Re: Shared Walls or Single Family Houses?
Date: Sun, 27 Jan 2008 05:20:18 -0800 (PST)
Joani Blank of Swan's Market Cohousing made a strong argument to Tom Shea for 
shared walls, and it seems as though all her points are valid.  The thing is 
that her viewpoint might have an urban bias, and her values are not priority 
with some people.  Here in Florida, our group considering elder cohousing has a 
priority of downsized, detached cottages.  Although some members did not 
express a preference and were willing to go either way, the majority wanted 
detached cottages.  Granted, our group is primarily made up of people in their 
70's with a bell curve representation of those members in their 60's and 80's 
and only one single representative of the 50's age group..  These older members 
remember a quieter time in small towns during the pre-WW II era, and have a 
nostalgic vision of what their new community should look like.  They are mostly 
from traditional neighborhoods of detached houses or from gated communities of 
detached houses, and only a few have had a condo experience.  We are 
considering the use of cracker style homes similar to those designed by the 
Katrina Cottage Group (<> ).  Sometimes 
decisions boil down to values rather than economy or efficiency.  I've visited 
cohousing neighborhoods with attached homes, and they were certainly attractive 
and vibrant.  Nonetheless, they remind me of the row houses and town houses of 
the Northeast from which I escaped in favor of my own house with a little 
breathing room.  My preference, my values, but it's shared with many other 
folk.  To each his/her own, and either way, it's the community more than the 
architecture that makes cohousing so attractive to so many people.     

Van Deist    
Suncoast Cohousing
Venice, Florida      
  ----- Original Message ----- 
  From: Joani Blank<mailto:joani [at]> 
  To: cohousing-l [at]<mailto:cohousing-l [at]> 
  Sent: Saturday, January 26, 2008 11:28 PM
  Subject: [C-L]_ Shared Walls or Single Family Houses?

  Tom Shea says his group is deciding:

  "whether to develop single family or joined units (i.e. shared walls 
  and roofs vs stand-alone homes)"

  Shared walls, shared walls, shared walls, I say!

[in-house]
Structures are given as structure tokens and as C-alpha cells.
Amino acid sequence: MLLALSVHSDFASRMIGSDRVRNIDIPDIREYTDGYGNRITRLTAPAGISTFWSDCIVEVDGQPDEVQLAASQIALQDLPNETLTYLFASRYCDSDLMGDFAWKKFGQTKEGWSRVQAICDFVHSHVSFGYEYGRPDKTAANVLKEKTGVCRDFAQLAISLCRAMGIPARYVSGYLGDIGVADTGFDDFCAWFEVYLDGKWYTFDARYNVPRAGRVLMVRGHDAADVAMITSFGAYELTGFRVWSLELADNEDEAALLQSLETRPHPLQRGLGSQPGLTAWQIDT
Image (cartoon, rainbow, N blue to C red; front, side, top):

1. Shared walls contribute significantly to the sense of community 
  (and that's what we all want to live in cohousing for, right?)
  2. No matter how large--or small--your site is, shared walls preserve 
  open space
  3. You will save construction money....lots and lots of it!
  4. Ongoing maintenance will cost less too!
  5. The more shared walls, the more you can save on infrastructure 
  (example: 6 or 8 units can share one water heater)
  6. Units with shared walls insulate one another in cold weather, and 
  help keep each other cool in hot weather, reducing heating and 
  cooling costs for everyone.

  Sharing walls is probably the single most ecological thing you can 
  do! And you save lots of money in the process? What's not to like 
  about this? I know, some of your members have had experience living 
  in a conventional condo or apartment building or townhouse complex 
  where they had "problems" with the person or people with whom they 
  share walls. Take my word for it, it's really different and way 
  easier to nip any potential problems caused by your proximity in the 
  bud if the people on the other side of those walls are fellow 
  community members.

  I have lived for a total of fifteen years in two cohousing 
  communities. In each of these communities, every unit has at least 
  one shared wall, almost all have two, and a few have three!  Granted, 
  both are very urban sites where the only option was 
  all-in-one-building attached units. but I've visited dozens of 
  cohousing communities with five to forty plus acres, and almost 
  without exception, those with the most shared walls have the 
  strongest sense of community.

  Joani Blank
  Swan's Market Cohousing
  Oakland, CA


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